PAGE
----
A federal prosecutor on Friday referenced an Akron case while arguing that actress Felicity Huffman should be sentenced to jail for giving her daughter an unfair advantage to be accepted to college.

According to social media posts from several journalists in the Boston courtroom, Assistant U.S. Attorney Eric Rosen referenced Kelley Williams-Bolar, an Akron mother who was sentenced to 10 days in jail for improperly enrolling her daughters in the neighboring Copley-Fairlawn school district.

Federal prosecutor makes mention of the Akron mom who was jailed for lying about her residency so her daughter could go to a better school district.

"If we respect the rule of law, we should not treat defendants differently because of wealth or status."

— julia reinstein (@juliareinstein)September 13, 2019

Huffman was sentenced to 14 days in jail. In addition, she will have to pay a $30,000 fine and complete 200 hours of community service, according to ABC News.

"If we respect the rule of law, we should not treat defendants differently because of wealth or status," Rosen said, according to a tweet from a BuzzFeed reporter.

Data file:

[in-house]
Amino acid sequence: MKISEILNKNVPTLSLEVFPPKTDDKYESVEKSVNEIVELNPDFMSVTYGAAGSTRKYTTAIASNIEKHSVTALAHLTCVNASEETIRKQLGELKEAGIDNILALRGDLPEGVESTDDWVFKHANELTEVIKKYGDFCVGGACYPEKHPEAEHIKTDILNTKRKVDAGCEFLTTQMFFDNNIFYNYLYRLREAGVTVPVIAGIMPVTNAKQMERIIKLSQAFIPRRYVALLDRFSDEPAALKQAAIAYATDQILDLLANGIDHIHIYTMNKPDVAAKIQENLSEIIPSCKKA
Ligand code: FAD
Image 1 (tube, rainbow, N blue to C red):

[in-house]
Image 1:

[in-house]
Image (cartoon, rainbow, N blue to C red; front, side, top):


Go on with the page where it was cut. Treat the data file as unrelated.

Huffman pleaded guilty to charges of conspiring to commit mail fraud and honest service mail fraud and admitted paying $15,000 to falsify her daughter's SAT score.

She was one of 50 high-profile defendants in a fraudulent college admissions scheme that came to be known as "Varsity Blues."

Huffman is the first to receive a sentence in the case.

Williams-Bolar used her father's address to illegally enroll her two daughters in the Copley-Fairlawn school district.

In January 2011, a jury found her guilty of tampering with records. That set off a national discussion of inequities in public education and landed Williams-Bolar on the "Dr. Phil" show.

After only days in office, then-Gov. John Kasich directed the state parole board to review the case. He questioned whether the punishment — a 10-day jail sentence, two years of probation, 80 hours of community service and a felony record that might prevent Williams-Bolar from fulfilling her dream of becoming a teacher — fit the crime.

The Ohio Parole Board decided against recommending a pardon, but in June, Kasich reduced her convictions to misdemeanors.

Williams-Bolar's father, Edward Williams, also was tried for his role, but the jury deadlocked. In a separate case, however, he was sentenced in June to one year in prison after being convicted of illegally receiving more than $100,000 in Social Security and state welfare benefits.

Contact reporter Jennifer Pignolet at jpignolet@thebeaconjournal.com, at 330-996-3216 or on Twitter @JenPignolet.